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URPP Equality of Opportunity

Value judgments in defining population groups; implications for self- perception and outside-perception of these groups

This subproject provides a conceptual basis for the research in module 2. It analyzes the formation and use of established classifications of population groups in social scientific research that are critical for the measurement and perception of inequality. It has two goals: first, to enable conceptual and methodological reflections about the kinds of concepts that social scientists use when studying inequality, and their interpretation and application; second, and related, initiating a discussion about potential value judgements influencing concept formation in social scientific research and the implications such value judgements would have for data collection, measurement, and scientific results in research on inequality. While the role of value judgements as well as the element of reflexivity of concepts have been studied for the social sciences, their implications with respect to concept application have yet to be explored. Furthermore, raising those issues in the context of research on inequality is fundamentally novel. This subproject will attempt to reach those goals by addressing three questions: First, what are the concepts that social scientists use, and can they be classified as thick concepts, i.e., concepts that have a descriptive and an evaluative component? Second, how exactly should concepts used in academic research relate to the very same concepts used by the population under study? And third, if researchers go beyond "objective" characteristics to include subjective, self-perceived classification schemes of a group, how can group belonging be measured in a value-free way? In particular, we will focus on the concepts of ‘gender,’ ‘ethnicity/race’, as well as ‘social class’ as the key categories of inequality used in Module 2 and the entire URPP.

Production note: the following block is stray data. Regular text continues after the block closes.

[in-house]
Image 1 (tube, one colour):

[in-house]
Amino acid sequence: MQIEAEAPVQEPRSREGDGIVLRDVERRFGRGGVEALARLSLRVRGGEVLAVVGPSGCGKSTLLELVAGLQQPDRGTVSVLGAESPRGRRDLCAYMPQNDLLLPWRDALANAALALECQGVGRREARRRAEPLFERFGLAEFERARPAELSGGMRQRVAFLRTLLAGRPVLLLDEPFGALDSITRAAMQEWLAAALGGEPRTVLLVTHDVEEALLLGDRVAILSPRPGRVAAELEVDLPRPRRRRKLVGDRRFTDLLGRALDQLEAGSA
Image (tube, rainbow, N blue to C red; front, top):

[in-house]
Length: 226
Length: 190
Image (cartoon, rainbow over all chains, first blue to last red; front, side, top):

Catherine Herfeld
External Research Felllow
University of Hannover, Institute of Philosophy

Alexandra Quack

Alexandra Quack
PhD Student
Department of Philosophy

Current Projects

Alexandra Quack

Exploring Economists' Research into Equality of Opportunity: The Epistemic Import of Narratives

What do narratives contribute to the epistemic functioning of theoretical models in economics? In this dissertation, I analyse the epistemic functions of narratives in those modelling practices when economists use theoretical models to explain by closely examining contemporary research in the economics of inequality.
Building on innovative research in the philosophy and history of science that has started to inquire when and how narratives are involved in the sciences (Morgan and Wise 2017), this dissertation explores (1) how narratives might contribute to model de-idealisation, (2) how narratives assist in the results-driven reasoning with models, and (3) which criteria these narratives have to answer to.

Data used

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